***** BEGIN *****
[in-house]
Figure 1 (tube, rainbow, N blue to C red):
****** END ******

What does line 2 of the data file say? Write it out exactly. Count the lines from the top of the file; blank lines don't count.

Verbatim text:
Figure 1 (tube, rainbow, N blue to C red):